Recent research has confirmed what many have long suspected–more young people are dying of colorectal cancer. Ten percent of all new colorectal cancer patients are under the age of 50 and are too often misdiagnosed.

People with other bowel diseases have an increased risk for colorectal cancer. This includes ulcerative colitis, Crohn’s disease, pre-cancerous polyps, and hereditary syndromes such as familial adenomatous polyposis (FAP) or hereditary non-polyposis colon cancer (HNPCC), or Lynch syndrome.

If you need to have lifesaving ostomy surgery because of colorectal cancer or any other reason, education and peer-support is available from the approximately 300 affiliated support groups of United Ostomy Associations of America. Ostomy patients of all ages and their families, friends and caregivers are welcome. Find a meeting near you today. You are not alone.

You can also get involved in our advocacy efforts for colorectal cancer. Congress has introduced a bill Removing Barriers to Colorectal Cancer Screening Act (H.R. 1017/S. 479). This act would fix a problem in Medicare that is a major deterrent to senior citizens getting screened. Currently, Medicare covers screening colonoscopies at no cost to the patient, but if polyps are removed during the screening procedure, beneficiaries are hit with unexpected costs.  Ouch!  This bill waives Medicare coinsurance requirements with respect to colorectal cancer screening tests, regardless of the code billed for a resulting diagnosis or procedure. See our action alert for an easy way to contact your lawmakers and show your support for this lifesaving effort.

The bill currently has over 240 bipartisan sponsors.  Help us advocate for final passage of this legislation in 2018! Talk to your doctor to see if you are at risk or due for a colorectal cancer screening.

UOAA is proud to be a member organization of the National Colorectal Cancer Roundtable (NCCRT). The NCCRT is a collaborative partnership with more than 100 member organizations across the nation, committed to taking action in the screening, prevention, and early detection of colorectal cancer.

Ask your doctor if colostomy irrigation is right for you


By Mary Lou Boyer, BSEd, RN, CWOCN Lifetime Achievement Award Winner, Cleveland Clinic


You may have seen or heard the term “irrigation” used in conjunction with ostomy care. There are several different ways this word is used and it can have very different meanings.

Some people with ostomies say that they “irrigate” their pouch or appliance each time they empty. In these cases, it is a matter of adding water to help loosen thick or formed stool to assist in emptying the thick stool from the pouch. Or it can mean rinsing out the pouch with water until the pouch appears clean. In other cases the term “irrigation” is used when referring to a procedure that some people with descending or sigmoid colostomies may use to cleanse or regulate the bowel by instilling water into the large intestine through the stoma. This is called “colostomy irrigation”.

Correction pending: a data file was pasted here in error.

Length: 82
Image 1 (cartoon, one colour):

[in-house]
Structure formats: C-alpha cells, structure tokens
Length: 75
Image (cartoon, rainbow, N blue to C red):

Over the many years that colostomy irrigation has been an option in colostomy care, there has been some debate about whether or not an individual should irrigate. In making that decision the following are questions that should be considered: what is colostomy irrigation? Who is an appropriate candidate? Why is it done? When is it done? And how is it done? This article is an attempt to answer these questions.

Colostomy irrigation is a method of assisting the bowels to move at a certain time. The procedure itself is similar to an enema, however it is done with specialized equipment to instill warm water through the colostomy stoma. A large water bag with tubing that has a cone-shaped tip is inserted into the opening of the stoma. The cone-shaped catheter tip allows the water to flow into the colon while preventing the water from leaking back out. As the colon fills with water, it distends. This distention stimulates colon peristalsis and mass contractions that lead to stool evacuation.

Colostomy irrigation is an option only for people who have a descending or sigmoid colostomy. In the normal bowel, the function of the colon is to absorb water from the waste material and to store it for a normal bowel movement. In most cases this can be as often as once or twice a day, or less frequent, such as every other day. There must be enough of the large intestine to absorb and store. The anal sphincter muscle is used to control the bowel movement until a convenient time. When most of the colon is still in place, the bowel can generally return to the usual pattern the person had prior to surgery. With a colostomy there is no longer a sphincter muscle to hold the stool in until a convenient time to go to the bathroom. Stool will flow into the pouch with no control over the timing. This loss of control that comes along with having a stoma can result in stool flow into the pouch at inconvenient or embarrassing times. Gas can also be an issue.

Colostomy Irrigation is used to empty the colon for any of the following reasons.
• To regulate the bowel
• Clean out the bowel for testing procedures, including colonoscopy
• To stimulate bowel function for constipation or if the colon is very slow to wake up after the colostomy surgery